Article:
Top things to do in Bruges

Top things to do in Bruges

Bruges, the beautiful medieval city with a village atmosphere, and the capital of Belgium’s North-West Flanders region, is a UNESCO heritage site with its origins all the way back in a 9th Century fortress that today retains a special kind of historic fairy-tale magic, luring almost 8 million people every year.

Bruges’ unique charm oozes from its ornate medieval buildings, ancient cobblestone streets linked by several beautiful bridges over a vast network of picturesque canals, and more than fifty castles!

Dubbed the Venice of the North, this characteristic little city is perfect for any type of traveller or trip – be you a culture-vulture, history-hound, on a romantic getaway at a luxurious boutique hotel, or an activity-filled backpacking vacation, day-trip, weekend break or an extended stay, Bruges has so much to see and do you’ll be spoiled for choice. Below, you’ll find our top things to do in Bruges, but first, some key info…


How to get to Bruges

The closest airport to Bruges is Ostend–Bruges International Airport, 25 km from Bruges city centre – however, it is relatively small and there will likely be limited or no direct flights from many source countries.

Bruges is well served by train, though, from key cities in Belgium such as Brussels. For example, a train from Brussels airport to Bruges takes just shy of 90 minutes and costs €20.90, and there are 58 train departures daily, or the train from Brussels city will have you in Bruges in just under an hour and there are around 75 departures each day.  Bruges city centre is about a 15-minute walk from the station, so travel light and save on a taxi by enjoying a stroll as soon as you arrive.


When to visit Bruges

As Belgium’s most popular tourist city, welcoming even more visitors than the capital, Bruges is full of travellers during the peak season months, and even the fringe months of April, May and September see a consistent influx of visitors. Of course, in such a delightful city, this is to be expected but if you want to enjoy Bruges when it is less packed then mid-week breaks during the off-season in early Spring and late Autumn are the optimal times to visit. Winter is beautiful in Bruges too, but the Christmas market season does attract a high number of visitors too so be prepared for this and book accommodation early whenever you might like to visit.

 Top things to do in Bruges

The must-see sights and top things to do in Bruges

From magnificent ancient buildings, sights and culture to uniquely local tasty delights, Bruges has plenty of wow to enchant you with. Here’s our top picks of what to do in Bruges.


Free walking tour in Bruges

First thing’s first, as always, we cannot recommend strongly enough that you join a free Bruges walking tour on your first morning or afternoon here. It’s the ideal way to get a unique and fascinating insight to the city’s history and culture from an expert, professional, authentic local guide, the best way to get orientated with the centre for the rest of your stay, and perfect for getting some interesting local tips for how best to experience Bruges. What’s more, you get to decide how much you pay – just give your lovely local guide the amount you feel the tour was worth at the end!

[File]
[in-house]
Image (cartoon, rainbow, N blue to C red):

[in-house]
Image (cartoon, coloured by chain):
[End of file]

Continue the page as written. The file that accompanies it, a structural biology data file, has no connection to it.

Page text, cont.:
All the free tours in Bruges will include the majority of the key sights and must-see sites on their routes, so it is a great way to tick off many of the essentials in a relatively short amount of time, but if you cannot join a tour for whatever reason, or have time to go back and explore some sights further afterwards, then make sure the following things are on your list!


Markt (The Market Square) & Burg Square

Bruges cityscape is one of terracotta roof tiles and whitewashed almshouses, intricate soaring towers, medieval and neo-Gothic architecture and beautiful historical churches among other buildings that give the Bruges skyline its intriguing character.

Markt square, with its step-gabled facades, charming cafes and vibrant atmosphere is home to a few of these wonderful structures, not least the iconic Belfort – a 13th century belfry with an octagonal tower reaching 83 metres skyward, housing a 47-bell carillon which is still played manually on a weekly basis, typically on Wednesdays and weekends but you can check signage at the front of the belfry for information on when they will sound.

As beautiful as it is from the outside, you can also venture up the 366 steps to the top of the tower for some remarkable views out across Bruges. Keep in mind, it is a narrow climb so can be a bit of a tight squeeze in peak times, and there can be queues too.

At the foot of the belfry is the rectangular Markt Hallen, an intricate and beautiful building which was once the beating heart of central Bruges commerce – now it holds occasional exhibits and events.

Close by, another square, Burg square, is the site of the 9th Century fortress from which Bruges grew and long served as the political and religious centre of the region; indeed it remains the administrative centre of Bruges today. The Burg square is lined by some of the most beautiful buildings in Bruges – the most notable of which is the incredible 14th-century Stadhuis, the City Hall, which is as exquisite on the outside as its interior is stunning - the ornate carved ceiling is a must see.